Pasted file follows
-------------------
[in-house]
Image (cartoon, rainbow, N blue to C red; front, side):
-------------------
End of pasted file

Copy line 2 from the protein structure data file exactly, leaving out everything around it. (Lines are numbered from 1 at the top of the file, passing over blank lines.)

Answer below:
Image (cartoon, rainbow, N blue to C red; front, side):